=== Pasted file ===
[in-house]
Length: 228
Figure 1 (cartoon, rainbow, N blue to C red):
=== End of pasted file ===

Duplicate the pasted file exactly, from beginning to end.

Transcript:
[in-house]
Length: 228
Figure 1 (cartoon, rainbow, N blue to C red):